An Introduction to the Feminine Energy in Africa’s Hip Hop Scene

Women across the African diaspora are reclaiming themselves through their work in hip hop music. The rappers are choosing to express themselves openly and freely. Whether they are openly explicit in expressing their  sexuality or being braggadocious about their multiplicities as a woman and MC. One thing all artists have in common is that they represent a historical time of feminine energy in hip hop by being so open and free in their artistry.

For a while, the placement of women in the hip hop industry put women into two categories. They were either a sex symbol or to “sell sex” and the alternative was to be conscious and erase sexuality out of the image. That was standard in hip hop in the United States and across the diaspora. In the new era there is space for intersectionality, where female MCs embrace their sexuality as well as a message of empowerment to other women.  Many of the female rappers across the African diaspora are rejecting the double standards and the oppressive system of patriarchy and are displaying these messages in their lyrics and imagery. 

To keep you all informed on women across the diaspora with unique voices in hip hop. I have composed a mixtape that will introduce you to Africa’s feminine energy hip hop. 

Sampa the Great: 

As stated in a previous post, I am a fan of Sampa The Great! She is the epitome of powerful female energy that is taking place in the world of Hip Hop today. Sampa was born in Botswana and raised in Zambia, and is  a hip hop artist a part of the African diaspora. When Sampa The Great raps you want to listen to the message she is trying to get across. Some of the topics discussed in her work include self love, honoring your roots, and pro Africaness.  Her visual content is constructed outside of western images of beauty and the audience will typically see this while viewing her visual content. 

In Sampa’s song “Energy” Sampa The Great raps the lyrics “If I ruled the world, money stacks for all my daughters, Never asked for payment in the womb times 9, Now we see the blood on the streets times’ trying, Feminine energy, Balance up the indestructible” This is the reason for the title of the mix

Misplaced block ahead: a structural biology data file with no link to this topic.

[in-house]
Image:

Another african diasporic artist that was introduced during the course of this class was Sa-Roc. 

Sa-Roc: 

Sa-Roc  is a rapper of the diaspora from Southeast, Washington DC. She centers on themes focused on women empowerment. Sa Roc has especially made an emphasis on self love. She advocates for peace within herself and for women to accept their flaws and all. In he 2018’s “Forever,” she is open as she raps about turning her pain into art. In Forever she raps

” You betta shine on em baby, you a star. You betta.
Be exactly who you are-Forever.
Cuz they gon try and change your heart. Don’t let up.
Cuz You so damn fine, just the way you are.
You betta shine on em baby, you a star. You betta.
Be exactly who you are-Forever.
Cuz they gon try and change your heart. Don’t let up.
Cuz You so damn fine, just the way you are.”

Sa Roc aspires to use her platform as a rapper to to inspire other women to overcome and reject the societal standards of beauty that are placed on women. Sa Roc is one of many women across the diaspora using their platform to empower women.

Fifi Cooper: 

Fifi Cooper also known as Refilwe Boingotlo Mooketsi is an award-winning hip hop artist from South Africa. She originally started her career as an R&B singer, and is considered as the “The First Lady of Motswako” in her hometown.

This section will cover a video Fifi Cooper created in 2015, to raise awareness to take a stance against hate crimes against women and rape culture. Cooper encourages women to speak up, and emphasizes women’s right over to freedom over their bodies. In the video you can see people holding signs saying “Stop Femicide”, which means the wrongful killing of women/girls.

Rouge:

Rouge also known as Deko Barbara-Jessica Wedi, as woman of new era of hip hop. She’s confident, braggadocios, and is a skilled MC that demands respect from her male counterparts. Rouge is also of Congolese heritage from Pretoria.

In 2017, Rouge has won “Best Female Rapper” at the South African Hip Hop Awards for her album The New Era Sessions. Her style can be described similar to US southern trap with an intersection of contemporary beats. In this video Rouge teams up with rapper Moozlie for her 2016 song “Mbongo”.

This song is an anthem for women demanding equal pay without being exploited in the process. Rouge raps “I’m just tryna get paid”” Head on track, I ain’t got to wave, My rap not local, I’m overseas. Tryna be a mogul and get the G’s, But you tryna tell me I can only get it on my knees”.

Dope Saint Jude: 

Catherine St Jude also known as Dope Saint Jude name says it all! She’s dope, bold and rejects the societal standards of respectability politics towards women. Some of Dope of Saint Jude’s themes she tackles in art are advocating for equality in social, political, gender equality. Dope Saint Jude comes from Cape Town, South Africa. She is one of hip hop’s and South Africa’s rebel and revolutionaries for being openly queer and starting first drag-king group. She is a feminist activist that displays this energy throughout her artwork.

Get a taste of the feminine energy with the mixtape below : 

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